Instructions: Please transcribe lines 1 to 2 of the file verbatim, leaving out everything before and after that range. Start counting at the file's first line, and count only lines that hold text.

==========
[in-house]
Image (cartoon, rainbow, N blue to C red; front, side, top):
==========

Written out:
[in-house]
Image (cartoon, rainbow, N blue to C red; front, side, top):